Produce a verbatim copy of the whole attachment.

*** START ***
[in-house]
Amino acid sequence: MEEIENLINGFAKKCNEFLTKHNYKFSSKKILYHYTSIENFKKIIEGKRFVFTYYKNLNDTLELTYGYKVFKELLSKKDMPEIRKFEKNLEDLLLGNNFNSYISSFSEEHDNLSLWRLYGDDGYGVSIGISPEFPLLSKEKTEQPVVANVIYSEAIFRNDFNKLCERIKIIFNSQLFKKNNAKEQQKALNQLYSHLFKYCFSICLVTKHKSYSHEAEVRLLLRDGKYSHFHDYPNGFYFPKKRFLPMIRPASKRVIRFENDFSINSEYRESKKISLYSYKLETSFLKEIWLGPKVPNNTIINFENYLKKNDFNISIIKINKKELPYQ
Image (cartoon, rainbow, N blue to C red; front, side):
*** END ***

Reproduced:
[in-house]
Amino acid sequence: MEEIENLINGFAKKCNEFLTKHNYKFSSKKILYHYTSIENFKKIIEGKRFVFTYYKNLNDTLELTYGYKVFKELLSKKDMPEIRKFEKNLEDLLLGNNFNSYISSFSEEHDNLSLWRLYGDDGYGVSIGISPEFPLLSKEKTEQPVVANVIYSEAIFRNDFNKLCERIKIIFNSQLFKKNNAKEQQKALNQLYSHLFKYCFSICLVTKHKSYSHEAEVRLLLRDGKYSHFHDYPNGFYFPKKRFLPMIRPASKRVIRFENDFSINSEYRESKKISLYSYKLETSFLKEIWLGPKVPNNTIINFENYLKKNDFNISIIKINKKELPYQ
Image (cartoon, rainbow, N blue to C red; front, side):